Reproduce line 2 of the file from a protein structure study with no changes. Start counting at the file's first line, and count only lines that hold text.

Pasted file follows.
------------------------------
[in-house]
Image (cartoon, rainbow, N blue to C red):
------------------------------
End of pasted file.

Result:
Image (cartoon, rainbow, N blue to C red):